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Viral Now: Like A Girl

By Devesh Gupta , afaqs!, New Delhi | In Digital | July 03, 2014
P&G's Always has produced a video that questions people about their interpretation of the phrase, 'Like A Girl'.

The phrase 'like a girl' is mainly used as a taunt when people want to be insulting. P&G's female product brand Always has produced a video setting the record straight. Set in a studio, the director asks several young women - and a couple of boys - to throw, run and fight like a girl.

The new 'Like A Girl' campaign from Always

In their first attempt, most mimicked the actions in a feeble manner that was almost insulting to girls. So does the phrase 'Like A Girl' means weakness? Many people in their testimonials confessed that the phrase actually meant weakness and insult. A boy even mentioned that the phrase was insulting, and that he would not use it on his friends.

The video basically aims at asking "When did doing something 'Like A Girl' become an insult?" In the second half of the video, the director asks pre-pubescent girls to repeat the same tasks. They confidently execute the actions of running, throwing, fighting or kicking. Realising their mistake, several women went for it a second time, this time with a much stronger and confident effort.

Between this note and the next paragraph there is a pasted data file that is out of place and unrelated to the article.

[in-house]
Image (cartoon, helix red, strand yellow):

The testimonies at the end from several women actors tell that whatever they do, they do it like a girl and are not ashamed of it. The video's underlying message is that a girl's confidence reduces during puberty and that Always wants to change that. It has done that by taking that question to an altogether different level by raising a question to all.

Amanda Hill, brand director, Always, P&G, had this to say, "The goal is to turn the phrase 'like a girl' from being an insult to being a real compliment and boost self-confidence. We're hoping we can really start a movement." The video is created by Leo Burnett's Chicago, London and Toronto offices. The brand is also running a campaign titled #LikeAGirl on the social media.

Always is a brand of feminine hygiene products, including maxi pads, pantiliners, and feminine wipes, produced by Procter & Gamble. The product is sold under different names in different geographies.

(Viral Now is a section about videos that are catching people's fancy on social media).

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